Writing for the Albany Times Union, Karl Felsen considers the similarities between the Tea Party and Occupy movements. Both, in Felsen's opinion, are reactionary phenomena. The Occupiers see themselves, in his description, as "the future victims of our modern economy." They long for the safeguards of the 20th century regulatory state, most of which, Felsen writes, are gone for good in the age of globalization. By comparison, the Tea Partiers suffer from a sense of cultural loss. While Occupiers seem to fear for their standing as individuals in the future economy, TPs no longer recognize the society and culture around them as the one they knew or expected. As with the economy, however, Felsen writes that the culture has changed irreversibly. In their impotence against change, each group scapegoats an imagined oppressor, the "1%" for the Occupiers and the "government" or cultural elite for TPs. Felsen's moral is that each group dwells too much on the perceived injustices of the recent past to act as guides to the future. Because their grievances are selective, both groups miss "the important contributions and messages of true conservatives (smaller government, free enterprise, open markets, and protection of individual freedoms and liberties) and true liberals (regulated capitalism, a living wage, universal health care, progressive taxation, and protection of civil freedoms and liberties)." Each presumably falls back on its preferred ideology as if it could protect them against inevitable further change. They are, perhaps hopelessly, concerned more with "where we have been" than with "where we are going."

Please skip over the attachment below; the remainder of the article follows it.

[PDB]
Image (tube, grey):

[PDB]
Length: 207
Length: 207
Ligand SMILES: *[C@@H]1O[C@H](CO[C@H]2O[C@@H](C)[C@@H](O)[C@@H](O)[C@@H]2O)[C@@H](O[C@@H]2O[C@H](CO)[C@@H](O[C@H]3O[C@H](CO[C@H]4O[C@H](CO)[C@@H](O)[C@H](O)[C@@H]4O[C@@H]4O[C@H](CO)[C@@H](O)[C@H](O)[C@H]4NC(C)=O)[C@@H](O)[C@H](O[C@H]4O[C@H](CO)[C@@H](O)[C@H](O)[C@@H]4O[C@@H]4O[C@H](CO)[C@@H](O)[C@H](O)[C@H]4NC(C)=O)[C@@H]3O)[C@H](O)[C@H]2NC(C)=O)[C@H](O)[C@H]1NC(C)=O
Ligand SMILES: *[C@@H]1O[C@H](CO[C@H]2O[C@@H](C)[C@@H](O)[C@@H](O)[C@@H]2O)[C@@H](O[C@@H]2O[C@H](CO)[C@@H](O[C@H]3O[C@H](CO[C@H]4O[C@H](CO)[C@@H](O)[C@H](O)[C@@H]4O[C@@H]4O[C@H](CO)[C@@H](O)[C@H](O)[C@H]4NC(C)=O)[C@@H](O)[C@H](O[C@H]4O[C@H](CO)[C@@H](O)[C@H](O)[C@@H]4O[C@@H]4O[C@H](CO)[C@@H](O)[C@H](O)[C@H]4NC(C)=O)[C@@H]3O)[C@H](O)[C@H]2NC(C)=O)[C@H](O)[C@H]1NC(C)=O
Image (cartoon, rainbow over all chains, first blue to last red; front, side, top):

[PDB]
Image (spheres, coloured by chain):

Neither group may recognize itself in Felsen's joint portrait. Occupiers certainly think of themselves as "progressive," while Tea Parties certainly believe they could make great progress, economically at least, if unconstrained by regulatory government or a Washington-Wall Street axis. But I suspect that Felsen is at least partially right in recognizing fear of the future at the heart of both movements -- and at the heart of each the fear is probably more similar than Felsen himself acknowledges. Tea Partiers may idealize the past in a way that Occupiers can't or won't, but very probably any individual TP is worried about whether there'll be a place for him in the future, just like the average Occupier. The important difference between the two movements remains that the Tea Parties want individuals to be allowed to find or make their own places, while the Occupiers are probably more concerned with making sure there's a place for everyone, and less concerned with whether "one size fits all" solutions cramp anybody's style. Nevertheless, people in both groups feel that someone is denying them a place in the future, not to mention a place in defining the future. If Felsen is right, then both groups resent that in the recent past leading up to the present, the "future" (that is, the way we live now) was determined without their consent. Whether either group has real cause for complaint depends on how much influence you think democratic will can or should have over history. But each group is driven by a sense of powerlessness in the face of some elite which each characterizes according to its particular fears or hatreds -- as greedy corporations or power-mad politicians. Neither group might fear the future, or change in general, if everyone had more say in shaping the future. Maybe some people wouldn't be so reactionary about everything if they felt empowered to participate in progress, or wouldn't seek refuge in an idealized past if they could actually contribute to the future rather than having it dictated to them. Agree with them or not, many Americans across the ideological spectrum feel that the future is being dictated by elites. If they could ever agree on enmity with a common elite, or trust each other to make the future together, years of protesting might actually amount to something.